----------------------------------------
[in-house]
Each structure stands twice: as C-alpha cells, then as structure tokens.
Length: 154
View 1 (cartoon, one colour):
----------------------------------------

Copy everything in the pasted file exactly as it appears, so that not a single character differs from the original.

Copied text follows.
[in-house]
Each structure stands twice: as C-alpha cells, then as structure tokens.
Length: 154
View 1 (cartoon, one colour):